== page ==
This year’s 60th anniversary has given the Berlinale a chance to look back at the scandals and controversy that established the event as Europe’s most politically charged cinema showcase.
“The festival was founded as the Cold War was raging,” festival director Dieter Kosslick said this month. “Berlin had been reduced to rubble and ashes but was a powerful symbol for the West.”
When the Berlinale was first held in 1951, some two million West Germans were unemployed and tens of thousands of homeless Berliners still lived in makeshift camps, according to new book “The Berlinale – The Festival” by British film historian Peter Cowie.
US officials saw an international film festival as an opportunity to indoctrinate Germans, who still had fresh memories of the Nazis and their powerful propaganda machine, and create a “showcase for the free world,” Cowie writes in the book.
The aim was also to establish a cultural beachhead in West Berlin, where the divided city marked the front line of the conflict with the Soviets.
In the early years, some 500 festival posters were hung in West Berlin so they could be seen in the East, Cowie writes.
The first film was Alfred Hitchcock’s “Rebecca,” a film that had already been released in 1940, but was screened because the Germans had been deprived of it until after the war.
With an influx of glamorous Hollywood fare, it only took five years for the Berlinale to acquire top billing from the International Federation of Film Producers’ Associations, putting it in the same class as Cannes and Venice.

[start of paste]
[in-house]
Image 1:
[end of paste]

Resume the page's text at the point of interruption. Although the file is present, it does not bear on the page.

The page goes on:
The first several festivals saw US and British films take home the top prizes, though.
“It was not until 1958 that a jury accorded top honours to a European film – and one destined to become an all-time classic – Ingmar Bergman’s ‘Wild Strawberries’,” Cowie writes.
Eventually the German hosts dared to assert their independence from their American patrons, often with explosive results.
In 1970, German director Michael Verhoeven unveiled “O.K.”, a film about a Vietnamese girl who is raped and shot by four US soldiers.
Festival director Alfred Bauer told the jury days before the screening that they would see a “fantastic new German film.” But when American director and Berlinale jury President George Stevens finally watched the picture, the Hollywood legend behind “Woman of the Year” and “A Place in the Sun” threatened to quit unless it was excluded from the competition.
Stevens had served in the US Army Signal Corps and had filmed not only the Normandy landings but also the liberation of the Dachau concentration camp. He found it shameless of the Germans to accuse GIs of war crimes.
The entire jury eventually resigned without bestowing any prizes.
Then in 1979, the harrowing US drama “The Deer Hunter,” about a group of Russian-American soldiers fighting in the Vietnam War, sparked an even deeper rift.
The Soviet delegation, including representatives from across Eastern Europe and two members of the jury, walked out of the festival over what they called an insulting depiction of the Vietnamese in the picture. Their statement sparked a landslide that included Cubans, East Germans, Bulgarians, Poles and Czechoslovakians all walking out.
Cowie says world powers used the Berlinale to score diplomatic points over events going on half a world away.
“China had invaded part of Vietnam and Hanoi was desperate for help, for arms, and for troops from the Socialist countries,” he says. “(Those countries) had to find a way to show solidarity without getting militarily involved.”
The Russians, like so many before and after, chose the Berlinale to make their point.
“The Deer Hunter,” now considered among the world’s greatest films, will be screened as part of an anniversary retrospective this year.